Mumbai: January 1, 2018, a new beginning, apparently, turned out to be a distressing New year for Maharashtrians as the Battle of Bhima Koregaon became the topic of discussion. It was on the same day in the year 1818 that the Battle of Bhima Koregaon was fought between the Britishers and the Peshwas. To commemorate the victory of this battle, the dalits have been celebrating this eve for years now. However, this year, they were stopped from celebrating the eve by the ‘right wings’ group and this led to the conflict between the Marathas and the Dalits. This created chaos in Pune where conflict initially aroused, which later spread in the other cities of Maharashtra like a wild fire. This led to Maharashtra Bandh for a day which was called off the same day in the evening. Now the question arises, what was the reason for the rivalry between these two groups of people? The battle was won by the Britishers, but the Dalit Mahars celebrate their victory? This creates a sort of confusion and questions amongst the Indians. To find answers to these questions, we have to look into the history where the events are linked to the current situation.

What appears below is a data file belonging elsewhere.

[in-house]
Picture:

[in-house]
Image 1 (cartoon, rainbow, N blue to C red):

Two hundred years ago in January, 1818, the leader of Marathas, Peshwa Baji Rao II tried to attack Pune which was under the rule of British. This battle was fought for 12 hours leading to destruction of many lives and properties. It came to be regarded as a moment of triumph for the British as they marked their victory. The Mahars who were Dalits were the main reasons for this victory as they were in lesser number than Peshwas but still obstructed Peshwas in a big way. In return, British officials went on to construct a ‘victory pillar’ at Koregaon. Now this is the site where the Mahar community from Maharashtra celebrate the victory of British-cum-their own victory against the upper caste, Peshwas.
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Hence, the Ultimate answer to our main question ‘Was the Bhima Koregaon a battle between the upper caste Peshwas and the backward class Dalit Mahars’, is Yes. To substantiate this answer, here are some of the facts which have been quoted from the history.
Open-status Kshatriya Naukri
This was the concept introduced by Shivaji inorder to bridge the gap between the lower caste and the upper caste. Thus this gave the Mahars, a kshatriya identity. Besides this, they were valued for their martial skills, bravery and loyalty. This was noted by one of the famous social reformer, Jyotirao Phule in his “Ballad of Raja Chatrapati Shivaji Bhonsale’’. Many of them rose to the position of captains as well. “In appearance, they were able-bodied and muscular, many of them handsome, intelligent and quick to assimilate, and possessing physical courage” stated by Henry Baden-Powell, a British Civil servant. Sidnak Mahar is believed to hold a legendary status. One of the interesting thing is, when Sambhaji was killed in 1688 by Aurangzeb, Mahar had built a platoon in service of the Maratha state.